Achebe, ‘father of modern African literature,’ dies at 82
Nigerian novelist Chinua Achebe, widely known as the father of modern African literature, has died aged 82 after a brief illness, his family said Friday.
Best known internationally for his novel “Things Fall Apart”, which depicts the collision between British rule and traditional Igbo culture in his native southeast Nigeria, Achebe was also a staunch critic of corruption in his country.
“One of the great literary voices of his time, he was also a beloved husband, father, uncle and grandfather, whose wisdom and courage are an inspiration to all who knew him,” his family said in a statement.
Achebe had lived and worked as a professor in the United States in recent years, most recently at Brown University in Rhode Island. A 1990 car accident left him in a wheelchair and limited his travel.
A statement from the Mandela Foundation in South Africa said he passed away Thursday and quoted Nelson Mandela as referring to him as a writer “in whose company the prison walls fell down.”
South African President Jacob Zuma described Achebe as a “colossus of African writing”.
Apart from criticising misrule in Nigeria, Achebe also strongly backed his native Biafra, which declared independence from the republic in 1967, sparking a civil war that killed around one million people and only ended in 1970.
The conflict was the subject of a long-awaited memoir he published last year, titled “There Was A Country: A Personal History of Biafra.”
In 2011, Achebe rejected a Nigerian government offer to honour him with one of the nation’s highest awards — at least the second time he had done so.
President Goodluck Jonathan said his “frank, truthful and fearless interventions in national affairs will be greatly missed at home.”
South African writer and Nobel laureate Nadine Gordimer called Achebe the “father of modern African literature” in 2007, when she was among the judges to award him the Man Booker International prize for fiction.
While he was widely lauded worldwide, Achebe never won the Nobel prize for literature, unlike fellow Nigerian author Wole Soyinka, who became the first African Nobel literature laureate in 1986.
Achebe was born the fifth of six children in 1930 in Ogidi in southeastern Nigeria, where his Igbo ethnic group dominates, and grew up at a time of Christian missionaries and British colonialism.
He described his parents as early converts to Christianity, with his father becoming an Anglican religious teacher and travelling the region with his mother to preach and teach.
In an interview with The Paris Review, he said his reading evolved and he slowly became aware of how books had cast Africans as savages.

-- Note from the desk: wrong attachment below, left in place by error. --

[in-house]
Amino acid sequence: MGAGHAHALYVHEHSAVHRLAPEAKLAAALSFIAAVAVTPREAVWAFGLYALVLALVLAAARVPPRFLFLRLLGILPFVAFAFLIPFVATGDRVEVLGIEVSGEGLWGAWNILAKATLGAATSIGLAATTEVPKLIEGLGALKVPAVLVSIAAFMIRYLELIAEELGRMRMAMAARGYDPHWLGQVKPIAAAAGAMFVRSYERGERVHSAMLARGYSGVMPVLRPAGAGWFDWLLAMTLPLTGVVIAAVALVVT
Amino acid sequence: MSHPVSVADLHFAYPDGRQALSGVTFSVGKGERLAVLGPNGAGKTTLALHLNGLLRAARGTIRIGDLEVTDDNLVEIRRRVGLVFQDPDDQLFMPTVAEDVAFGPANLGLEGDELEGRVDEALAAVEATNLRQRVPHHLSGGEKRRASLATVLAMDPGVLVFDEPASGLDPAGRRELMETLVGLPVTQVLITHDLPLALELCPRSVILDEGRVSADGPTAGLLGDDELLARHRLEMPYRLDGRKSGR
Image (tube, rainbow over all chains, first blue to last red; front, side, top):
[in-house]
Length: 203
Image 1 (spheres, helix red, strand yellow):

“There is that great proverb — that until the lions have their own historians, the history of the hunt will always glorify the hunter,” he said.
“That did not come to me until much later. Once I realised that, I had to be a writer.”
After graduating from the University of Ibadan in southwestern Nigeria, Achebe worked with the Nigerian Broadcasting Corporation before publishing “Things Fall Apart” — his first novel — in 1958.
The novel is about an Igbo tribesman’s fatal brush with British colonialists.
It sold more than 10 million copies worldwide and was translated into 50 languages.
“‘Things Fall Apart’ turned the west’s perception of Africa on its head – a perception that until then had been based solely on the views of white colonialists, views that were at best anthropological, at worst, to adopt Achebe’s famous savaging of Joseph Conrad’s ‘Heart of Darkness’, ‘thoroughgoingly racist’,” the London Guardian wrote in 2007.
Nigeria, Africa’s most populous nation with some 160 million people, won independence in 1960 but it has experienced coups and conflict since then due to the country’s ethnic divisions and corruption.
In 1967, Achebe’s native Biafra region declared independence largely in response to massacres of Igbos in the country’s north, sparking a brutal civil war.
Achebe strongly backed Biafra and toured to speak on its behalf. Echoes of the conflict emerged in his writing, including his collection “Christmas in Biafra and Other Poems.”
Achebe also grew frustrated with rampant corruption in Nigeria, where most of the country still lives on less than $2 per day despite its vast oil wealth.
The first sentence of his widely read 1983 essay “The Trouble With Nigeria” is still often cited in his homeland.
“The trouble with Nigeria is simply and squarely a failure of leadership,” reads the pamphlet that harshly criticises corruption in the country.
“It is dirty, callous, noisy, ostentatious, dishonest and vulgar. In short it is among the most unpleasant places on earth,” it adds.
Achebe had toned down such commentary in recent years amid health troubles.
However, during January 2012 protests in Nigeria over a fuel price hike, he issued “A Statement of Solidarity with the Nigerian People” that gained attention back home.
Speaking to AFP recently, the head of the University of Lagos’ English department, said studying Achebe has become mandatory.
“Just as we read Shakespeare, it is not possible for any English student to graduate without” reading Achebe, he said.